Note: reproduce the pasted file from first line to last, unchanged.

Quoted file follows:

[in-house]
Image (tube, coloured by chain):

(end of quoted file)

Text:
[in-house]
Image (tube, coloured by chain):